The Rose K 2 lens was very well centered.

Stay tuned for his dispense!

NEXT: WHAT IS KERATOCONUS?

Can you use scleral lenses for sports vision?

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Topography of keratoconus patient’s right eye

Thank you Dr. Jen Burke for your kind referral!

Dr. Burke sent a 17 year old patient to use for a corneal consultation. Even though the patient can see 20/20 with glasses, he reports seeing “lines” in his vision when he looks at a light source, especially at night.

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Topography of keratoconus patient’s left eye

A topography was taken of each eye, and you can see that both eyes exhibit irregular astigmatism. The left eye has more irregularity than the right eye. The steeper area on the left eye is also displaced nasally, so as the pupil gets bigger at night, it gets into the steeper shape, which can cause even more distortion.

As a hobby, he races formula drift, so his visual quality is very important.

With glasses, he can achieve 20/20 in the right eye and 20/30+2 in the left eye. He reports that the letters on the left eye appear more blurry and distorted.

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Photo of patient’s right eye

His pachymetry readings do not show a super thin cornea, which is great news.

We trialed the Europa scleral lens today, to see if it improved his visual quality. With an over-refraction, he could see 20/15 in the right eye and 20/15 in the left eye. He noticed the distortion was gone in the left eye, too.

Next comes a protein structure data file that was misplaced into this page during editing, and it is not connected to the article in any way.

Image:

We decided that the Latitude custom scleral lens would offer him the best vision and comfort, so we took 3D images of both eyes today. That information was sent to the lab and will be used to design custom fit lenses for each eye.

We are hoping that scleral lenses will help him see better and help with some of the visual disturbances. Looking forward to seeing him at his dispense appointment next week!

Thanks again Dr. Burke for thinking of us!

Is there a genetic test for keratoconus?

Many patients ask us about some of the risk factors for keratoconus.

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Recently, a new genetic test for keratoconus launched, and we are incredibly excited to offer this service to patients! AvaGen is available to patients wanting to understand their genetic risk factor for keratoconus and other corneal dystrophies.

The process is very simple, easy, and pain free.

First, you will arrive to the office and answer a few questions about your medical history and family history. Then, you will rinse your mouth with warm water. This will remove any food or other particles from your mouth that may contaminate the test.

Next, the doctor or technician will gently swab the inside of your cheek with a cotton swab. Then this sample is sent to the laboratory for testing.

The laboratory will analyze your genetic sample and generate a report that allows us to view your genetic risk for keratoconus. This information can be very helpful to your doctor so they can manage your specific care at a customized level.

For instance, you maybe have been flagged as a keratoconus suspect in the past, but want to find out what your genetic risk for keratoconus is. If your results come back as “very high genetic risk,” your eye doctor may want to see you more frequently or perform additional tests during your visits.

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Think of it like this: If you have a family history of breast cancer, and your genetic risk factor is also deemed very high, your doctor may want to see you more often to ensure that you do not develop breast cancer. Or if you do develop breast cancer, you can be treated quickly, which is usually the key in stopping or slowing the disease in an early state.